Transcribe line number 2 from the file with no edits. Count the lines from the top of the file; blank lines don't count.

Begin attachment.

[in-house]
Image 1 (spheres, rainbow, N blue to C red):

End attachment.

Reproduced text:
Image 1 (spheres, rainbow, N blue to C red):